This can develop bloating, an excess of stomach acid, and can imperil your ability to produce adequate digestive secretions when you really do eat food. Some individuals may also have adverse gastrointestinal symptoms, including diarrhea, from the synthetic sweeteners that are normally found in chewing gum.
- Tooth Decay – Even from Sugar-Free Gum – If your chewing gum that contains sugar, you’re actually bathing your teeth in sugar while you chew away. This can lead your teeth to tooth decay. No matter if you chew sugar-free gum, there are still perils to your teeth as sugar-free gum often contains acidic additives and preservatives that may, in fact, lead to dental decay, even if it includes cavity-fighting xylitol. Contrary to cavities, dental decay is a process of incremental decalcification, which, over time, actually dissolves your teeth.
- Sheep Byproducts – Chewing gum oftentimes contains lanolin, a waxy element that’s obtained from sheep wool, to help it stay soft. While not significantly dangerous to your health, chewing on lanolin is not specifically appetizing. Chewing gum may adversely affect digestive system
- Chewing Gum Linked to Headaches in Teens – Teens are notorious for gum chewing and popping. If your child is a regular gum chewer and experiences headaches, you should know that a link has connection been established. Chewing gum may adversely affect digestive system
One research included 30 daily gum chewers within the ages of six and 19 years. Each experienced a chronic migraine or tension headaches. After discontinuing gum chewing for one month, 19 of them had their headaches go away entirely while another seven had a decrease in headache frequency and severity. Twenty-six of the children then commenced chewing gum again, only to get back headaches return within days.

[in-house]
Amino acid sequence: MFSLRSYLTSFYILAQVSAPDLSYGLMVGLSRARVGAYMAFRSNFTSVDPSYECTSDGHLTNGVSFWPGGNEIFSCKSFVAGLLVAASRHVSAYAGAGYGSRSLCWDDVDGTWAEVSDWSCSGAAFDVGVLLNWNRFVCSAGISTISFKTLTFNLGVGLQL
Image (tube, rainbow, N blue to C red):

The experts believe the headaches can be linked to chewing-gum-induced TMJ, which might cause headaches. Past research has also proposed chewing gum may cause headaches via aspartame vulnerability.
There are many chances that you might not pay much attention to the ingredients in chewing gum because, after all, it’s not really swallowed. But the ingredients, many of which are probably dangerous, do enter your body, directly through the walls of your mouth. Chewing gum may adversely affect digestive system
But just like with the toxic ingredients in personal care products like lotion, which are absorbed directly through your skin and into your bloodstream, the ingredients in gum also get assimilated by your body instantly and directly, bypassing the digestive system that would generally help to filter some of the toxins away.
One such type of toxic chemicals is artificial sweeteners, which are everywhere in chewing gum. Many individuals choose sugar-free gum on purpose, thinking it to be better than other varieties. But even non-sugar-free labels may contain some sort of synthetic sweetener. It is very uncommon for them not to. And as mentioned above these synthetic sweeteners can affect you in many ways. Chewing gum may adversely affect digestive system
Now when you know that not only your digestive system but your entire body can get affected by gums. So it is time to stop chewing gum or at least decrease the intake of gum.